William Neighbour Wakefield was given his mother’s maiden name as his middle name and was born in Brixton on 17 November 1896, the eldest son of William and Annie Wakefield and destined to be the last of four generations of William Wakefields.
When he was about 12 the family moved out of London to Woking, to 193 Church Street, a house owned by Kerrisons, for whom his father worked as a bill-poster. The 1911 census shows 14-year-old William working, possibly in his first job, as an errand boy for a printer. By 1914 he was working as a butcher, employed by Watkins of 206 Walton Road, Woking, this being the information he gave on 2 January that year when he voluntarily enlisted for the Surrey Brigade Company of the Army Service Corps, a territorial force. (His WWI service record is available on Ancestry, although I had previously found the information at The National Archives.) The enlistment notes that he had belonged to the ‘CSB’ Cadet Unit. He was certified fit on 27 January. In June that year he was requested to join for ‘training in camp’ and was referred to as a ‘driver’. It looks as though he was transferred to a different unit in July 1915 (illegible from the documents) and in December 1916 spent five days in a Reception Hospital in Canterbury, possibly with influenza (again the document is hard to read). The following May there is a note: ‘object to vaccination’ for Driver Wm Wakefield, T/4 239088.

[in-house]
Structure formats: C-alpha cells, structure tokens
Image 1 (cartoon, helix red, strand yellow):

On 6 September 1917 William was compulsorily transferred to the North Staffordshire Regiment, initially to the 3rd Battalion and then to the 8th, and at that time appears to have been at Wallsend (Newcastle). On 21 December 1917 William wrote to his mother from Carville Schools, Wallsend, Newcastle, where he was in training (8 Platoon, B Company, 3 North Staffordshire Regiment). In his letter he says ‘I daresay you will be glad to know that our Indian draught has been cancelled and now I have got to do my firing course. I shall be in England for about another 2 months yet’. He speaks of having some leave after his firing course, being short of cash over Christmas and his intention of asking his sister Nell for a loan!
William’s service record indicates that he joined the British Expeditionary Force on 21 January 1918, in other words going to France somewhat earlier than he had anticipated in his letter. The 8th Battalion North Staffordshire Regiment was at that point part of the 57th Infantry Brigade.
In the unit’s war diary (The National Archives [TNA], WO 95/2082 [8th Battalion North Staffordshire Regiment]) it is possible to trace the movements of the regiment from Trescault, east of Bapaume, France (where it was transferred to the 56th Infantry Brigade), to Salamanca Camp near Barastre (south-east of Bapaume), to a camp near ‘Aveyoy’ (probably Aveluy), north of Albert. By early March it was involved in reconnaissance in preparation for a counter-attack, moving to Alma Camp, Beaulencourt and then Havrincourt (east of Bapaume). On 21 March, an enemy attack was announced and it had orders to stand by. The Battalion moved to Bertincourt (east of Bapaume) and at 8pm moved to Gaika Copse. This would seem to tie in with the Battle of St Quentin, involving the IV Corps, 3rd Army. The following day it marched via Haplincourt, taking up a position on the Bapaume-Camrai Road. The 24 March saw it on the front line on ‘Green Line’, followed by a retreat to Grevillers and then Achiet-le-Petit-Irles. These entries would seem to correspond with the Battle of Bapaume, involving the IV Corps, 3rd Army.